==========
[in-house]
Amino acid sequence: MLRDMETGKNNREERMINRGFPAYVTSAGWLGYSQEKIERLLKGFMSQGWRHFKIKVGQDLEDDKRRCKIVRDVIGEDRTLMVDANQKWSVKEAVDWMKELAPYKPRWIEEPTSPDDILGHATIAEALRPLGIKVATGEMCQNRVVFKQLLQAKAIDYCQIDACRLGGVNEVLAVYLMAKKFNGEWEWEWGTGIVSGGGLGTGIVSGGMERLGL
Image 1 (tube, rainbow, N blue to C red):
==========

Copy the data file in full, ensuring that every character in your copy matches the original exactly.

[in-house]
Amino acid sequence: MLRDMETGKNNREERMINRGFPAYVTSAGWLGYSQEKIERLLKGFMSQGWRHFKIKVGQDLEDDKRRCKIVRDVIGEDRTLMVDANQKWSVKEAVDWMKELAPYKPRWIEEPTSPDDILGHATIAEALRPLGIKVATGEMCQNRVVFKQLLQAKAIDYCQIDACRLGGVNEVLAVYLMAKKFNGEWEWEWGTGIVSGGGLGTGIVSGGMERLGL
Image 1 (tube, rainbow, N blue to C red):